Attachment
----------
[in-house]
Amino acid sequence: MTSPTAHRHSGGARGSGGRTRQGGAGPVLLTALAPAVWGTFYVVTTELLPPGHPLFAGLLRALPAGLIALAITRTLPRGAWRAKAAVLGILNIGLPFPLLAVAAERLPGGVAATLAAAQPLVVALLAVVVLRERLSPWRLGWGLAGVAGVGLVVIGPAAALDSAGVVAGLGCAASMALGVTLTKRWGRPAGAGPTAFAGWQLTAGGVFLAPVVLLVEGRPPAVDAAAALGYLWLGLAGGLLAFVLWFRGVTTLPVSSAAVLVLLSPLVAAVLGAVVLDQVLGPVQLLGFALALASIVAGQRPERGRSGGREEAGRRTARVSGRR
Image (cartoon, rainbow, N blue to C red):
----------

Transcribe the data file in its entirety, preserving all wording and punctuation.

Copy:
[in-house]
Amino acid sequence: MTSPTAHRHSGGARGSGGRTRQGGAGPVLLTALAPAVWGTFYVVTTELLPPGHPLFAGLLRALPAGLIALAITRTLPRGAWRAKAAVLGILNIGLPFPLLAVAAERLPGGVAATLAAAQPLVVALLAVVVLRERLSPWRLGWGLAGVAGVGLVVIGPAAALDSAGVVAGLGCAASMALGVTLTKRWGRPAGAGPTAFAGWQLTAGGVFLAPVVLLVEGRPPAVDAAAALGYLWLGLAGGLLAFVLWFRGVTTLPVSSAAVLVLLSPLVAAVLGAVVLDQVLGPVQLLGFALALASIVAGQRPERGRSGGREEAGRRTARVSGRR
Image (cartoon, rainbow, N blue to C red):